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The Ontario government promised $17 billion in relief funds to fight COVID-19 Wednesday, joining governments worldwide in the scramble to tackle the rapidly evolving social and economic impacts of the pandemic.

The emergency package promises direct support for many ⁠— parents will get a per-child infusion of cash while seniors will see expanded support and businesses get provincial tax deferrals. It also allocates an extra $3.3 billion to bolster hospitals and health-care systems that risk collapse as the number of COVID-19 patients in Ontario inevitably rises.

The relief funding derails the Progressive Conservative government’s cost-cutting agenda, with a planned deficit of $9.2 billion in 2019-20 now expected to be a $20.5 billion hole in 2020-21.

“There are moments that define a generation,” Ontario Finance Minister Rod Phillips told a near-deserted Queen’s Park legislature as the majority of MPPs stayed home in accordance with public health guidelines.

“COVID-19 is our moment.”

The plan announced Wednesday includes $3.7 billion in direct support for people and job protection measures, along with the $3.3 billion in additional health-care spending. It also outlines $10 billion in deferred taxes and other measures largely designed to keep businesses afloat while the economy likely contracts sharply.

At least nine people have now died in Ontario due to COVID-19, with 671 active cases and more than 10,000 people awaiting test results. The province is fighting to get more protective equipment for medical workers and ventilators for hospitalized patients amid a global rush on the products, while it also struggles to increase its capacity to assess and test a rising flood of people exhibiting flu-like symptoms.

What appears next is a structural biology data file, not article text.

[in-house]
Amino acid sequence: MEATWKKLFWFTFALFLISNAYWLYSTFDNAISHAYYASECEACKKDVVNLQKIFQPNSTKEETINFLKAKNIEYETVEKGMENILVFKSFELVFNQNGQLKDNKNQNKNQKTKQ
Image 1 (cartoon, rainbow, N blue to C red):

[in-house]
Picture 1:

Phillips called the plan a “critical first step.” Opposition NDP Leader Andrea Horwath said it can’t be the only one, however, and that she was “extremely concerned” the government measures didn’t go far enough.

Another possible hurdle: the province may be taking an overly optimistic view of the economic impact of COVID-19, which is currently keeping students home from school indefinitely and most public-facing businesses shuttered.

The plan projected flat economic growth in the province this year — but it relied on forecasts current at the end of last week, and the global economy has spiralled even more since then.

Private-sector economists have since hurried to put out new predictions that show the province’s economy shrinking sharply. They also suggest a recovery could take years, while the government’s official view is that Ontario will bounce back to 2 per cent growth in 2021 (it recorded 1.6 per cent growth in 2019).

Ontario unveils a $17 billion COVID-19 relief package as it seeks to boost healthcare capacity and limit the economic fallout caused by the growing global pandemic.

Indicating the level of uncertainty about just how drastic the pandemic’s long-term impact might be, the package announced Wednesday sets aside a record $2.5 billion reserve for the 2020-21 fiscal year. That is in addition to $1 billion of the healthcare funding set aside specifically for unforeseen COVID-19 responses that may be needed later.

The government says it expects to take a $5.8-billion hit to its projected revenue in 2019-20. It also said it will spend $8 billion more than originally planned, mostly to deal with COVID-19 fallout.

“We will spend whatever it takes to protect the economy and the health of this province, and the people of this province,” Premier Doug Ford told reporters Wednesday afternoon.

The government’s update did not offer any longer-term forecast, as the economic shocks caused by the pandemic are still reverberating. It had planned to release a full budget Wednesday, but ditched that plan early last week as the escalating pandemic shattered daily life and battered stock markets around the world.

Plan still leaves renters and other vulnerable, NDP and Greens say

The Ontario legislature passed the emergency measures Wednesday.